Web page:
But after the spectacular highlights of traditional China that feature the Four Great Inventions (the segment on moveable type, in particular, is a triumph), powerful images jostle with each other, or appear momentarily only to be crowded out as one mass scene after another presses in, or some vignette comes and goes in a flood of fleeting glitz. The Chinese voice-over on CCTV1 spoke repeatedly about traditional aesthetics and the language of understatement and elegance, but after an enthralling and uplifting introduction and paean to the achievements of dynastic Chinese civilization, as the show enters the present age a certain failure of artistic coherence becomes increasingly obvious.
Thus, one could argue that the extraordinary landscape painting contains another, quite unintended, message. The “xieyi” style of Chinese art particularly values emptiness or lacunae (kong 空 or xu 虚, the spaces in paintings are also known as liubai 留白): those pregnant spaces untouched by the brush that bring the composition to life, the “vacuum” in which meaning finds full expression. In the second half of the show that inaugurated the XXIXth Olympiad with its increasing number of rapid highlights—the problematic use of the intense close-up drowned by the massing of performers—there is scarce room and an unsteady rhythm in what could have been, and in parts still is, a breathtaking work. The exciting promise of the opening sequences remains sadly under-realized.
While Zhang Yimou had overall directorial authority for the design and staging of the opening ceremony, Zhang Jigang 张继钢, deputy minister of propaganda in the PLA General Logistics Department who had worked on the Chinese ceremony at the Athens Games, was in charge of the first half of the show. The second half (including the entrance of the athletes and the torch-lighting ceremony) was overseen by Chen Weiya 陈维亚, artistic director of the generally stodgy Song & Dance Ensemble of the East (东方歌舞团). He has also designed the closing ceremony. Chen is known for the designs he has made for Tiananmen Square mass gatherings, the 2001 World University Student Games and the opening ceremony of the 2005 East Asia Games. Apart from the push-and-pull of directorial intent created by this leadership team, there were other expectations that had to be met. For example, the Beijing Olympic Games is also a vehicle for the promotion of the au courant Party line of ‘harmony’ (hexie 和谐), be it local or global. The original show was to feature a scene comprising a massed army of huge “piying” 皮影 (screen puppet) Terracotta Warriors made in the style of Shaanxi Qinqiang 秦腔 Opera puppets. Images of these figures featured in the media following the first rehearsal of the show in July this year. Recalling not only the era of the First Emperor of the Qin, but also Zhang Yimou’s 2002 film “Hero,” the phalanx of puppets was designed to perform a victory march in the stadium. They were cut from the show on advice from the Beijing Olympic Committee who deemed that they were too martial in tone. The internationally recognized Qin Warriors were replaced at the last minute by puppets made up as Beijing Opera performers. They feature in a lacklustre scene that has been widely derided by Chinese bloggers and Beijing viewers.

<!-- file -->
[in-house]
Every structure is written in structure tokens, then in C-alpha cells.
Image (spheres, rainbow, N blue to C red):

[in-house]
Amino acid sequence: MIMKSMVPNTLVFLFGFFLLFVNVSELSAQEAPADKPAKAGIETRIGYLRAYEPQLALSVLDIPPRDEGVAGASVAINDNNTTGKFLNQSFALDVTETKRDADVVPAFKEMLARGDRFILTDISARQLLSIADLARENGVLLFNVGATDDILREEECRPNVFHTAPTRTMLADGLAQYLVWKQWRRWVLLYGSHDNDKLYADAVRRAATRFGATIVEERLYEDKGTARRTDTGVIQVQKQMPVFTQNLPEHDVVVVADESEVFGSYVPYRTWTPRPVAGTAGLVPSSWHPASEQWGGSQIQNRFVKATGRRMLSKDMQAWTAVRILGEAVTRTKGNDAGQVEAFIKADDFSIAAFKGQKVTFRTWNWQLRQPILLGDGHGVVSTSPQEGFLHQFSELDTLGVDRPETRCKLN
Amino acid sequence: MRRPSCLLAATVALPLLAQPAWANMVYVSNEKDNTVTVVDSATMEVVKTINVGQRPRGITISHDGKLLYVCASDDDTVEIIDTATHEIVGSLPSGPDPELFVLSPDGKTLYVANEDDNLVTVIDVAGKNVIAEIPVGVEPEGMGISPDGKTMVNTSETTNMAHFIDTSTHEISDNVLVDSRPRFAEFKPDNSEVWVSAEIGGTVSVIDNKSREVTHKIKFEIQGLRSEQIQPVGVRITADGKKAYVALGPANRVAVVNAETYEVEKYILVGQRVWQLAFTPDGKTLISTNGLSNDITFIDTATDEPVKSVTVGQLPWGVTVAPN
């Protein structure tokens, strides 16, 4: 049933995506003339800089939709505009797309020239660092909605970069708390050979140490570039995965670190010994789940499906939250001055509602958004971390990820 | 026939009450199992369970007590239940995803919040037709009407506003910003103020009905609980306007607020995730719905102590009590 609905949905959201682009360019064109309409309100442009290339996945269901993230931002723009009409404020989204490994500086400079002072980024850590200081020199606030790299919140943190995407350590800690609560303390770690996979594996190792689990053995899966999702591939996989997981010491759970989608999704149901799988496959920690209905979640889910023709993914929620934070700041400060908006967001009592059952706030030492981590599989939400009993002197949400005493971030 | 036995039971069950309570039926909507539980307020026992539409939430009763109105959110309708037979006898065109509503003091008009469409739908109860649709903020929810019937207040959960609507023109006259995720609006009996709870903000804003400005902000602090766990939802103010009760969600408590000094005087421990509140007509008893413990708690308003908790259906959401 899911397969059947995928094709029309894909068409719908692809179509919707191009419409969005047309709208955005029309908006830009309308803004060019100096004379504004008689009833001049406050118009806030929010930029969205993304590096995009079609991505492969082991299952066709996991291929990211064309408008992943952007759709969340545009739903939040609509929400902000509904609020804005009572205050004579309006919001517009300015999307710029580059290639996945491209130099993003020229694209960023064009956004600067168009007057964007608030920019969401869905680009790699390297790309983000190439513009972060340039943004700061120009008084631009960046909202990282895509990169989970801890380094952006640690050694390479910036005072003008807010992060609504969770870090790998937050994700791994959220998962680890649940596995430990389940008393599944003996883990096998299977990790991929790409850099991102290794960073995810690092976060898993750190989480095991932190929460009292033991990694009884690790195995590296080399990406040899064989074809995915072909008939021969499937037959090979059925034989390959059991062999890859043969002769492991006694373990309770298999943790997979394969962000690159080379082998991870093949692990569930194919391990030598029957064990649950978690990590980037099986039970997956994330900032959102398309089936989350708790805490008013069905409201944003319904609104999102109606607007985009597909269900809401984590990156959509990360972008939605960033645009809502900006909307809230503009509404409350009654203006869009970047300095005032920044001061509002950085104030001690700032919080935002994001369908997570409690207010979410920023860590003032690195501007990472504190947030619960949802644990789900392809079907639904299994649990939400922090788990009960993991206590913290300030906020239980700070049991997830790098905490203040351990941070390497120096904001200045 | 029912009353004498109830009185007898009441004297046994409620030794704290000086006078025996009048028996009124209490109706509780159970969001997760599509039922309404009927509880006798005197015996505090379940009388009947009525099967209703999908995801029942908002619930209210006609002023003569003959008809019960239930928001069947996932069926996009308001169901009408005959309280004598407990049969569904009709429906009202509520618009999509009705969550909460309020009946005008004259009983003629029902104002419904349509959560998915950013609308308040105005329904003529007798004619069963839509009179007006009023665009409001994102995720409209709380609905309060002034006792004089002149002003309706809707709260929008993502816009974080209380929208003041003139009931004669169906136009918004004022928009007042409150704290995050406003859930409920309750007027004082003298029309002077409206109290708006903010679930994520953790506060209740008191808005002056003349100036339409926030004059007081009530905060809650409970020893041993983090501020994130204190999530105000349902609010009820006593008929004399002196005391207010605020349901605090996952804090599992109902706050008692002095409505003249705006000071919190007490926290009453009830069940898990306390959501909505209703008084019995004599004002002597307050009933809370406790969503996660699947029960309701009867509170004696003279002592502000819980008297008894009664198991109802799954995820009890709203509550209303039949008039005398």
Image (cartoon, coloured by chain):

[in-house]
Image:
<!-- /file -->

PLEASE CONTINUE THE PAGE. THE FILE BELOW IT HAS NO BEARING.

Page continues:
So, to my mind, while there was much to commend the performance in terms of scale and synchronized collective performance, after we leave the retrospect on pre-modern China (one in which the narrative about millennia of peace, exchange, harmony and friendship is problematic in other ways) coherence is sacrificed for the sake of a number of designed-by-committee themes. Meanwhile, the sardonic wit, irony and general raffishness of Beijing humor are noteworthy for their complete absence from the festivities.
The general busyness of the action and the overall bling that detract from the moments of magic in the show contain perhaps a significant cultural message in their own right. Quotations from Confucius or the repeated talk of harmony do little to disguise a paucity that is not about either “xu” or aesthetic restraint, a vision in which less is allowed to be more. At least China has the wherewithal to talk about the value of pregnant pauses and the richness of the empty space, in previous Olympic opening ceremonies, such as those held in the US and Australia, there was simply too much clamour and horror vacui.
Immediately after the Beijing ceremony one Chinese web blogger commented, “We’ve been waiting for this banquet for a long time. Instead what we got was hot-pot in which all the flavors have ended up confused.” People will debate the contents and significance of this particular visual banquet for some time to come. Despite all this, what does remain is a Chinese painting in which the whole world, through its athletes, has helped co-create.
Geremie R. Barmé is a professor of Chinese history at The Australian National University. His latest book is The Forbidden City (Harvard University Press, 2008). A shorter version of this article appeared in Sydney Morning Herald on August 11, 2008.